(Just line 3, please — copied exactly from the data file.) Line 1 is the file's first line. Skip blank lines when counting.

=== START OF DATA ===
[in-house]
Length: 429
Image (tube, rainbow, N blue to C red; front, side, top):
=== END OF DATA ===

Image (tube, rainbow, N blue to C red; front, side, top):